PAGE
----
Poland Plans to Phase Out its Su-22M in Favor of Armed UAVs

India has cleared the purchase of 10 Heron TP drones from Israel.
Poland is considering replacing its Su-22 strike fighters with armed UAVs.

Poland is looking to replace its aging strike force, currently flying Russian built Sukhoi Su-22M with armed unmanned aerial vehicles. According to Waldemar Skrzypczak Poland’s Deputy Minister of Defense for military procurement, a future procurement of some 30 armed drone equipping three squadrons is being considered.

The arguments raised in favor for such decision are that the unmanned drones would be more affordable, particularly considering the logistical burden of maintaining the aging Russian fighters and lack of spares for such platforms. Drones could also operate on longer missions and the training of operators and support personnel will be cheaper, the Polish MOD argues.

Moreover, the deployment of unmanned aircraft, in support of NATO operations overseas or in support of other peacekeeping operations, would become more affordable and require smaller footprint and logistics, compared to similar missions performed by manned aircraft. However, the unmanned platform would require fielding large numbers of advanced, precision guided munitions which will also require adequate field support, technical training for the maintainers and operators.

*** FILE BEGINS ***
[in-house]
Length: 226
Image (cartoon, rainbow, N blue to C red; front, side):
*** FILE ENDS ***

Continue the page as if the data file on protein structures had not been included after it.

Poland is likely to evaluate the Heron TP for its future armed UAV requirement. IAI is currently producing the Heron TP MALE UAS to equip a third Israel Air Force UAV squadron. Photo: IAI

By the year 2018 most of the Polish Air Force Su-22s will exceed their designed lifespan and require major investment  just to keep flying(1). Given an operational capability of the new drones by that time, and eying the versatile operability of the current Su-22s, the options are narrowed to 3-4 platforms – General Atomics MQ-9 Reaper, IAI/Malat Heron TP and Elbit Systems Hermes 900. The Turkish TAI Anka could also be considered, although its payload is limited, compared to the other alternatives.

Operating armed drones will likely be more affordable, compared to manned aircraft. Shown here, a Polish Air Force ground crew arms a SU-22 at Swidwin. Photo: Bartosz Niewiadomski

The Polish acquisition could also be streamlined with other NATO procurement plans – France, Germany, Italy and the UK are currently considering the fielding of armed drones, and are evaluating both the MQ-9 and Heron TP for this role. Both are operated in ‘armed scout’ missions , carrying multiple weapons in different configurations. (although Israel never confirmed its UAVs are operating in such roles, foreign sources have widely reported on Israeli drones carrying and firing missiles.) Theoretically, Warsaw could ask for the MQ-9C Avenger but it is unlikely that Washington would clear the stealthy drone for export before it is inducted into US Air Force service in considerable numbers.

The Su-22 has been in service since 1984. Of the total 110 fighters delivered from Russia only 45 are still operational – 38 Su-22M-4K and seven Su-22UM-3k two seaters. Three squadrons currently operating the Fitters are 8th Tactical Squadron at Miroslawiec and the 40th and 7th Tactical Squadrons at Swidwin.

Poland currently has 45 Su-22 Fitter strike fightes, out of a total 110 transferred from Russia since 1984. By 2018 most of these strike fighters will be out of service. Photo: Chris Lofting